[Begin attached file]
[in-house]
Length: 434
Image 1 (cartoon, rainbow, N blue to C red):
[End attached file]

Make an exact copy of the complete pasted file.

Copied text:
[in-house]
Length: 434
Image 1 (cartoon, rainbow, N blue to C red):